The US and Brazil have recently adopted a decision to open up 1,200 MHz of spectrum in the 6 GHz band, in order to meet the growing demand for licence-exempt spectrum. The UK has also made the decision to make the lower 6 GHz band available for Wi-Fi and other RLAN technologies. More jurisdictions in Europe and in countries such as Canada, Colombia, Costa Rica, Honduras, Peru, Argentina, Saudi Arabia, Jordan and Mexico are also working towards making all or part of the 6 GHz band available for Wi-Fi use and have ran or are running public consultations on opening up the 6 GHz band to licence exempt technologies.

The FCC noted that its decision in the US would promote more efficient and productive use of the spectrum, by enabling wide usage including several 160 MHz and 320 MHz channels. Looking forwards, it says that eventually 320 MHz is absolutely necessary to be made available under Wi-fi 7 in order to obtain unlicenced 5G-like capabilities. It also added that in sum, the move to open up spectrum in the 6 GHz band will allow 5G to happen faster and more widely.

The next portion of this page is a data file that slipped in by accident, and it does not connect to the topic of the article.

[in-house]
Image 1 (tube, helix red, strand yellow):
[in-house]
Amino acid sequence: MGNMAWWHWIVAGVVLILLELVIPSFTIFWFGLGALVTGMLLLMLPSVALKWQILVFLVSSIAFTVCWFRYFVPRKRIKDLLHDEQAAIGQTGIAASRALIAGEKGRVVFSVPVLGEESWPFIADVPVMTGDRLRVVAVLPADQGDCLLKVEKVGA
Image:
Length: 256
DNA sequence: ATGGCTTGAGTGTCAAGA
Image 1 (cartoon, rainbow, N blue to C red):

JR Wilson, Vice President Tower Strategy & Roaming at AT&T and Chairman of the Wireless Broadband Alliance added: “Recent economic research shows how allowing Wi-Fi devices in the full 6 GHz band will generate significant economic value by improving connectivity, extending the Internet of Things, boosting productivity and the development of richer applications and services.”

  • The Dynamic Spectrum Alliance is a global organisation advocating for laws and regulations that will lead to more efficient and effective spectrum utilisation